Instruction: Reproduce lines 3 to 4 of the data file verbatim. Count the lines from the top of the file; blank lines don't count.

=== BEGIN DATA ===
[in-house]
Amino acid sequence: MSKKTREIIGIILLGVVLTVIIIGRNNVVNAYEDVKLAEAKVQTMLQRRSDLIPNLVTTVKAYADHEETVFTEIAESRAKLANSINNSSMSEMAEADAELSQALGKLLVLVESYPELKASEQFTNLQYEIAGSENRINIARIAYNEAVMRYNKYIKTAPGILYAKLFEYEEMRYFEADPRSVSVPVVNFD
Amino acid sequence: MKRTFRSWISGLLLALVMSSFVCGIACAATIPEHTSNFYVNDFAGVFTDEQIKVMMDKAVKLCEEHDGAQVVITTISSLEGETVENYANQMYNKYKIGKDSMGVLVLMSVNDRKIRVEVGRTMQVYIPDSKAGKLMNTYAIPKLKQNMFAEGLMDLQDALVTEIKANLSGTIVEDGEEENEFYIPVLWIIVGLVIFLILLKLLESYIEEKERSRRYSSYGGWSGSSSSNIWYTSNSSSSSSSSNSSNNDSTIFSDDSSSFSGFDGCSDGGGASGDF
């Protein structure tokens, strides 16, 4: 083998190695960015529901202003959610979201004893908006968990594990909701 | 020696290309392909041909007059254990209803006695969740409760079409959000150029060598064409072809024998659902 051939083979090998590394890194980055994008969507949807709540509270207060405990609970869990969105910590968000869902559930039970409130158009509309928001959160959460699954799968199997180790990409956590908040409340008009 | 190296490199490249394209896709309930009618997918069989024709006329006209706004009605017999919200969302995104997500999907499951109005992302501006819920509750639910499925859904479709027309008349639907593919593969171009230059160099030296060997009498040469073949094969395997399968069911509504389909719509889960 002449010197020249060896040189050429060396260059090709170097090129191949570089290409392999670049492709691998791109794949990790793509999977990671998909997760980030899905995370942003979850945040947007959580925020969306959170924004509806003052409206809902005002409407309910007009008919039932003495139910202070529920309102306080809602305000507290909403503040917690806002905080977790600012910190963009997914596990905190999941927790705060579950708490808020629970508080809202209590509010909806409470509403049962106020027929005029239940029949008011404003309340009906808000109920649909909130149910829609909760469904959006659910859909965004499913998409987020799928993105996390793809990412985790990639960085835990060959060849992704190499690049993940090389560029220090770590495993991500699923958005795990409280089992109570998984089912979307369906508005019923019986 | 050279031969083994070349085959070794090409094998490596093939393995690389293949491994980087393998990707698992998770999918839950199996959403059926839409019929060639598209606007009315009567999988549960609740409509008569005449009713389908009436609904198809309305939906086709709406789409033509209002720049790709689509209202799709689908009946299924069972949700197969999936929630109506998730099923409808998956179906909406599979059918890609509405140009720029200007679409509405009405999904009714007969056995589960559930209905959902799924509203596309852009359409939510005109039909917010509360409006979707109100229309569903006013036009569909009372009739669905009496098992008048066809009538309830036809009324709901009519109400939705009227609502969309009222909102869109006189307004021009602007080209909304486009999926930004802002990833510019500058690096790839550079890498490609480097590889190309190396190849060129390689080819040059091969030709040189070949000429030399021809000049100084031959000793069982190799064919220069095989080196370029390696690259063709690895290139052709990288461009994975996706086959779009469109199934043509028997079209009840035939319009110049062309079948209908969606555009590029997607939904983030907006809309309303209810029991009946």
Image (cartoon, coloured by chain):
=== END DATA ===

Amino acid sequence: MKRTFRSWISGLLLALVMSSFVCGIACAATIPEHTSNFYVNDFAGVFTDEQIKVMMDKAVKLCEEHDGAQVVITTISSLEGETVENYANQMYNKYKIGKDSMGVLVLMSVNDRKIRVEVGRTMQVYIPDSKAGKLMNTYAIPKLKQNMFAEGLMDLQDALVTEIKANLSGTIVEDGEEENEFYIPVLWIIVGLVIFLILLKLLESYIEEKERSRRYSSYGGWSGSSSSNIWYTSNSSSSSSSSNSSNNDSTIFSDDSSSFSGFDGCSDGGGASGDF
């Protein structure tokens, strides 16, 4: 083998190695960015529901202003959610979201004893908006968990594990909701 | 020696290309392909041909007059254990209803006695969740409760079409959000150029060598064409072809024998659902 051939083979090998590394890194980055994008969507949807709540509270207060405990609970869990969105910590968000869902559930039970409130158009509309928001959160959460699954799968199997180790990409956590908040409340008009 | 190296490199490249394209896709309930009618997918069989024709006329006209706004009605017999919200969302995104997500999907499951109005992302501006819920509750639910499925859904479709027309008349639907593919593969171009230059160099030296060997009498040469073949094969395997399968069911509504389909719509889960 002449010197020249060896040189050429060396260059090709170097090129191949570089290409392999670049492709691998791109794949990790793509999977990671998909997760980030899905995370942003979850945040947007959580925020969306959170924004509806003052409206809902005002409407309910007009008919039932003495139910202070529920309102306080809602305000507290909403503040917690806002905080977790600012910190963009997914596990905190999941927790705060579950708490808020629970508080809202209590509010909806409470509403049962106020027929005029239940029949008011404003309340009906808000109920649909909130149910829609909760469904959006659910859909965004499913998409987020799928993105996390793809990412985790990639960085835990060959060849992704190499690049993940090389560029220090770590495993991500699923958005795990409280089992109570998984089912979307369906508005019923019986 | 050279031969083994070349085959070794090409094998490596093939393995690389293949491994980087393998990707698992998770999918839950199996959403059926839409019929060639598209606007009315009567999988549960609740409509008569005449009713389908009436609904198809309305939906086709709406789409033509209002720049790709689509209202799709689908009946299924069972949700197969999936929630109506998730099923409808998956179906909406599979059918890609509405140009720029200007679409509405009405999904009714007969056995589960559930209905959902799924509203596309852009359409939510005109039909917010509360409006979707109100229309569903006013036009569909009372009739669905009496098992008048066809009538309830036809009324709901009519109400939705009227609502969309009222909102869109006189307004021009602007080209909304486009999926930004802002990833510019500058690096790839550079890498490609480097590889190309190396190849060129390689080819040059091969030709040189070949000429030399021809000049100084031959000793069982190799064919220069095989080196370029390696690259063709690895290139052709990288461009994975996706086959779009469109199934043509028997079209009840035939319009110049062309079948209908969606555009590029997607939904983030907006809309309303209810029991009946």